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Beware e-mail viruses — and hoaxes

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Hints, tidbits and comments:

Beware the shrinking software box. I have wondered for years why software makers feel it necessary to put CD-ROM software in an 8x10 box, seeing as most have dispensed with manuals anyway. By this summer you will see software boxes drastically smaller in many stores that have limited shelf-space, like Wal-Mart and Target. Why have the box at all? Mostly to help prevent shoplifting and provide some room for marketing the game (screen shots, etc.).

Several people have unwittingly sent me viruses this week in the course of normal e-mails, prompting me to again suggest that everyone invest in a good anti-virus package and — this is the important part — keep the product updated. I used to consistently recommend Norton Anti-Virus from Symantec, but a recent decision gives me some pause. The company used to offer updates to its virus "definitions" for free; a few years ago it switched to $3 a year. Now it has more than tripled the price to $10 after the first "free" year. Main competitor McAfee so far is holding its price to $4 per year, which may be a selling point. Either product will adequately protect your PC.

Have you upgraded to Windows XP? My column next week will discuss how to upgrade, the good and bad points and some hints for upgraders. I'd like to hear your experiences, too. Drop me a note at the e-mail address below.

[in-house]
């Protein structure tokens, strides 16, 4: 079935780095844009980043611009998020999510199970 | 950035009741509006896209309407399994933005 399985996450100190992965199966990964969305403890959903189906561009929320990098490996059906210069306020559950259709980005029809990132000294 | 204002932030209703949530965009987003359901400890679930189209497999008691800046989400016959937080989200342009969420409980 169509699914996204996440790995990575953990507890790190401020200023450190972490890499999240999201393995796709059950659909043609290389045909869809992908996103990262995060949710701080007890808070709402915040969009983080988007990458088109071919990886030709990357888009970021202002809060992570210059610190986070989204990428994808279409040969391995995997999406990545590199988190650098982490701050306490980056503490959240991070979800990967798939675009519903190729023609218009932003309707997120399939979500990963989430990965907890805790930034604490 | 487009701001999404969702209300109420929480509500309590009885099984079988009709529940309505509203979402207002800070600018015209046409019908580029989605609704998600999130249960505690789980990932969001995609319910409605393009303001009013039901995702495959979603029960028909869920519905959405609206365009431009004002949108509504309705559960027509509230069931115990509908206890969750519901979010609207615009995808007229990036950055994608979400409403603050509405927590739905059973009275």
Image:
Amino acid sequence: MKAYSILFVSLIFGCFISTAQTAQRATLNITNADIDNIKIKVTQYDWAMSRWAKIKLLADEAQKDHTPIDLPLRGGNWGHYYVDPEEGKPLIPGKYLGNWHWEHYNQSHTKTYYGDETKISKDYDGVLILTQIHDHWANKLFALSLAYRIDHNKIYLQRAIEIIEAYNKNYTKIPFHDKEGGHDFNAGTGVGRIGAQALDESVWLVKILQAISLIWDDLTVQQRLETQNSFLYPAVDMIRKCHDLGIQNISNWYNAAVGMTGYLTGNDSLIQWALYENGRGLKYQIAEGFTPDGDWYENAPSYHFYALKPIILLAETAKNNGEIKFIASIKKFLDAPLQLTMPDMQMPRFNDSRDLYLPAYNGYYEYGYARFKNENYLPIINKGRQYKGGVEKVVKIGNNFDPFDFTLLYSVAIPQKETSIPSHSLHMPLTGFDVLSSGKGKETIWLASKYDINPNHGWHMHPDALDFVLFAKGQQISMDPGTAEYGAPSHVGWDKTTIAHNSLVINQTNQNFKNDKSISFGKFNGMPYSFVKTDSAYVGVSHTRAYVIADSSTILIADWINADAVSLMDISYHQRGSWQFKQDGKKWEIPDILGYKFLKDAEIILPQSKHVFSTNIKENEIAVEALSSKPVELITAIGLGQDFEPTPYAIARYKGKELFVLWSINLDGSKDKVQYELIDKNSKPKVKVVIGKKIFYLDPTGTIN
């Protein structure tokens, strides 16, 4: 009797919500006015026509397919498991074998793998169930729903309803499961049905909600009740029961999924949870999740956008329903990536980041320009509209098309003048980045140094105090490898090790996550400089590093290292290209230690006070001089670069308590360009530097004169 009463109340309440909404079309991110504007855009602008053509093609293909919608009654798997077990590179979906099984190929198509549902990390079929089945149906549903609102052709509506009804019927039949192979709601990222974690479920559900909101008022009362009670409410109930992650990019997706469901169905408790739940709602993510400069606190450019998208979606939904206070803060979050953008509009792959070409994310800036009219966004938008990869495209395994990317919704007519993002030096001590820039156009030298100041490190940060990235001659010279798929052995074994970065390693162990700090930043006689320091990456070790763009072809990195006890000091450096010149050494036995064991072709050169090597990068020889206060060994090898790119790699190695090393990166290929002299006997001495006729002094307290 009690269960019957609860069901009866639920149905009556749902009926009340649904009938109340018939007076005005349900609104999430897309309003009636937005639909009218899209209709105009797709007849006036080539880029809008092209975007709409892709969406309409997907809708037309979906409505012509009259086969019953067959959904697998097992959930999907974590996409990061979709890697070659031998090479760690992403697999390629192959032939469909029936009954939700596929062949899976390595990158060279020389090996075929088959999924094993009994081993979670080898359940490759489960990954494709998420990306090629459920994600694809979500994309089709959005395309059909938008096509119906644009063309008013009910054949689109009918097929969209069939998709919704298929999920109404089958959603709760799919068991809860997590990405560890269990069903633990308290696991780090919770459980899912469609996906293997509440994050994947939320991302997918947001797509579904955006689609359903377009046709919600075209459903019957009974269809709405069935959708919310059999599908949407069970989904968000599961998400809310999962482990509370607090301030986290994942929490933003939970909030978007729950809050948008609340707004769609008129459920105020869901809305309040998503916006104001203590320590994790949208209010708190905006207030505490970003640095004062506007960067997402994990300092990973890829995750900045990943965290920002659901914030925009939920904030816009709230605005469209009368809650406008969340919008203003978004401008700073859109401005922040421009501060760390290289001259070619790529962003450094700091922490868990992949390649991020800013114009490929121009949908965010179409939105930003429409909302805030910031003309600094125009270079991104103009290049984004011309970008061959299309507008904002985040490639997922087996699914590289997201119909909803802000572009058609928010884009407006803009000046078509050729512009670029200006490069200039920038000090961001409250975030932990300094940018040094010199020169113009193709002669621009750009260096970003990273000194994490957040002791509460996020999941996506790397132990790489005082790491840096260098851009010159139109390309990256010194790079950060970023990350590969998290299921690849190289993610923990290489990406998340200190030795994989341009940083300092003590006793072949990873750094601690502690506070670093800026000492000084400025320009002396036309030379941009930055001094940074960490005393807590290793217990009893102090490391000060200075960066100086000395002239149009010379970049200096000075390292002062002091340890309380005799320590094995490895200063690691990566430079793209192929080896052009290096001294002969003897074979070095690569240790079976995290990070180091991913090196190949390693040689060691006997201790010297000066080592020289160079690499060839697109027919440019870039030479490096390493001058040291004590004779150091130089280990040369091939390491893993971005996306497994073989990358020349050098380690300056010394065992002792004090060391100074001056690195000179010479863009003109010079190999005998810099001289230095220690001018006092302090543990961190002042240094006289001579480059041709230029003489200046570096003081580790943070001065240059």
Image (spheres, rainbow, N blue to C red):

Many people are getting flat-panel monitors, some with "digital" capabilities. But I have seen a couple recently installed using the wrong video cable. If your video card has both the normal analog output and the larger digital output (and your monitor has both as well) you should use the digital cable and the larger connectors on both the PC and the monitor for the best picture. Follow the instructions packed with your video card or monitor on how to change Windows to use the best digital driver (and change your refresh rate to the recommended 60 Hz, which is much too low for analog monitors, which should be set to 72 or 75 to prevent flicker).

Before you buy anything via an online shopping site, check the small print. Three readers have written complaining of 15 percent "restocking fees" for products they bought online. This is not just an online thing; several "real" merchants charge the same fee, especially for items such as laptops. One can see their point somewhat; idiots used to try to buy a laptop just before a trip, use it, then return it for a full refund two weeks later. I have no real issue with the fee if it is disclosed upfront as the retailer has some costs returning the item as well.

One more: Please don't pass on virus warnings via e-mail. Nearly all are fake and they take on a life of their own. Just keep your anti-virus program up-to-date and running and don't e-mail bogus news to everyone in your box. Pretty soon the bogus warning becomes the virus as it fills up mailboxes around the world.

WEEKLY WEB WONDER: Check out virus hoaxes at www.sarc.com.


James Derk is new media editor for The Evansville Courier & Press. His e-mail address is jderk@evansville.net.